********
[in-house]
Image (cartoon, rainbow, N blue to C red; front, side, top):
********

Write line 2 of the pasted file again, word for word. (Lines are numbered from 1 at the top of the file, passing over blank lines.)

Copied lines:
Image (cartoon, rainbow, N blue to C red; front, side, top):